Adapt or die.

But the typical challenge in a big organization, is rejecting the new, and embracing the old.   And that’s how the giants, the mighty fall.

Here is how Satya Nadella told us how to think about what longevity means in our business

“What does longevity mean in this business? Longevity in this business means, that you somehow take the core competency you have but start learning how to express it in different forms.

And that to me is the core strength.

It's not the manifestation in one product generation, or in one specific feature, or what have you, but if you culturally, right, if you sort of look at what excites me from an organizational capacity building, ... it's that learning ... the ability to be able to learn new things ... and have those new things actually accrue to what we have done in the past ...  or what we have done in the past accrues to new learnings ... and that feedback cycle is the only way I can see scale mattering in this business ... otherwise, quite frankly you would say, everything should be a startup ... everything should be a startup ... you would have a success, you would unwind, and everything should be a startup ... and if you're going to have a large organization, it better be a learning organization that knows how to take all the learning that it's had today and make it relevant in the future knowing that you'll have to unlearn everything, and that's the paradox of this business and I think that's what I want us to be going for.”

In my experience, if you don’t know where to start, a great place to start is get feedback.  If you don’t know who to get feedback from, then ask yourself, your organization, who do you serve?   Ask the customers or clients that you serve.

But balance what you learn with vision.  And balance it with analytics and insight on behaviors and actions.   Customers, and people in general, can say one thing, but do another, or ask for one thing, but mean something entirely different. 

Remember the words of Henry Ford:

“If I'd asked customers what they wanted, they would have said ‘a faster horse’.”

Expressing pains, needs, opportunities, and desired outcomes leaves a lot of room for interpretation.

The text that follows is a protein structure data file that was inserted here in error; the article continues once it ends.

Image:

Drive with vision, build better feedback loops, interpret well, and learn well, to survive and thrive in an ever-changing world.

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Satya Nadella on the Future is Software

Satya Nadella on Everyone Has to Be a Leader

Categories: Blogs

A Conference Call in Real Life (youtube)

I’ve started to show this video in my public CSM classes (see sidebar for scheduled courses) as part of the discussion about why co-location for Agile teams is so important.  The video is a humorous look at what conference calls are like.  Probably the most notable part of it is the fact that on a conference call you can’t see people’s body language and facial language which are important cues for efficient communication:

Please share!
Categories: Blogs

Testing WebHooks With

Derick Bailey - new ThoughtStream - Tue, 03/11/2014 - 14:00

SignalLeaf uses for billing. One of the cool things it does is provide web hooks to get events so that you can have your system do things in response to those events. Examples of events include customer creation, customer subscription changes, charges being made to a customer, charges failing, and a whole lot more. 

I find myself needing to use these webhooks (well, ok… I needed to be using them 6 months ago, but I’m here now and I’m finally getting it done) and began wondering how I could get sample data and sample requests – not just documentation or “Events & Webhooks” list on the Stripe site. I want to see the actual request headers, body and payload of the request as a web server will see it. Call me paranoid… I just don’t trust documentation and logs all that much – even from a company that I trust with my business.